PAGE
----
Minister Anne Tolley handed a double whammy to victims of historic abuse in state care, defending the spend on a Queen’s Counsel hired by the Government to fight their claims, while also refusing to hold a proper inquiry says Labour’s Deputy Leader Jacinda Ardern.
“The QC’s job was to fight claimants tooth and nail and the Government spent more money on lawyers’ fees than compensating individual victims.
“The Government is failing to address what some have gone as far as to describe as the worst human rights breach in our country’s history.
“The Minister for vulnerable children has also denied the abused the right to recover by dismissing any form of an inquiry because she says they just want financial compensation and an apology. That will be a major blow to many, and is just plain wrong.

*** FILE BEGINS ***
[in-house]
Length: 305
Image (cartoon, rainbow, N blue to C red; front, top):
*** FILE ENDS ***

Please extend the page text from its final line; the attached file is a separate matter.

“Labour supports the Human Rights Commission’s call for an inquiry because potentially hundreds of children suffered mental, physical and sexual abuse while in state care and we must do everything we can to ensure we don't repeat those mistakes.
“Already, Labour Leader Andrew Little has said the least the Government can do is commission an independent inquiry and make its recommendations binding.
“The state was supposed to be taking care of 100,000 children who were institutionalised between the 1970s and the 1980s.
“Minister Tolley must rebuild confidence amongst those who were in care and do the right thing on this one - it's the least we can do,” says Jacinda Ardern.